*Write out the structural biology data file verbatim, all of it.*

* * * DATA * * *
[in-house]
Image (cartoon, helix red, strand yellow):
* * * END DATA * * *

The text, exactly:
[in-house]
Image (cartoon, helix red, strand yellow):